This exploration shows us that people with mental illness had less access to a universal health guarantee plan, alternatively attending individual psychiatric care contrary to a comprehensive model and with less financial coverage, therefore, higher out-of-pocket costs. This may be a problem that is occurring with all types of health insurance (not just the GES plan), and it is necessary to explore whether health insurance systems have been able to cover the mental healthcare needs of their members during the pandemic. In addition, the social protection system for rest indicated by a doctor is more violated in the case of mental illness than in other illnesses. This situation was aggravated in the first year of the COVID-19 pandemic.
The results make it necessary to evaluate the operation of the entire GES plan in the context of the pandemic (not only mental health) since we can learn lessons before continuing to advance the universal mental health coverage policy through this type of plan. A universal guaranteed plan in an individual contribution system can have a significant weakness for individuals when the principles of social security are not complied with, especially regarding the solidarity of the health insurance system. An insurance-based system will require addressing the discussion of reference pricing of mental health actions by providers. Otherwise, universal coverage becomes financially unsustainable.
Data availability statement
The data analyzed in this study is subject to the following licenses/restrictions. The data comes from the mandatory records of health insurance in the Superintendence of Health (government regulatory entity). The authors must have used the anonymized individual data and we are not authorized to share it. In case of data queries, they should be requested from the corresponding author, who is a researcher at the Superintendence of Health, and it will be possible to share some additional aggregated data if required. Requests to access these datasets should be directed to GL, email@example.com.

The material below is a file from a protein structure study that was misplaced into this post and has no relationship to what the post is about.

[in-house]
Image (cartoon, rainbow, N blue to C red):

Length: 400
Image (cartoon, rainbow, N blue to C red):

OT-D and GL discussed the study's introduction, objectives, methods, analyzed the data in the article, organized the tables to summarize the information, jointly analyzed, wrote up the results, discussed the article's conclusions, iterated to summarize the discussion, conclusions, and developed the manuscript. OT-D edited the final version of those chapters. GL edited the final format of the tables. Both authors contributed to the article and approved the submitted version.
Conflict of interest
The authors declare that the research was conducted in the absence of any commercial or financial relationships that could be construed as a potential conflict of interest.
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Keywords: mental health, universal coverage, COVID-19 pandemic, health insurance, financing
Citation: Toro-Devia O and Leyton G (2023) COVID-19 pandemic and mental healthcare: Impact on health insurance with guaranteed universal access in Chile. Front. Public Health 10:1005033. doi: 10.3389/fpubh.2022.1005033
Received: 27 July 2022; Accepted: 23 November 2022;
Published: 04 January 2023.
Edited by:April Joy Damian, Weitzman Institute, United States
Reviewed by:Krushna Chandra Sahoo, Regional Medical Research Center (ICMR), India
Sobur Setiaman, Institute Health Science Strada Indonesia, Indonesia
Copyright © 2023 Toro-Devia and Leyton. This is an open-access article distributed under the terms of the Creative Commons Attribution License (CC BY). The use, distribution or reproduction in other forums is permitted, provided the original author(s) and the copyright owner(s) are credited and that the original publication in this journal is cited, in accordance with accepted academic practice. No use, distribution or reproduction is permitted which does not comply with these terms.
*Correspondence: Gonzalo Leyton, firstname.lastname@example.org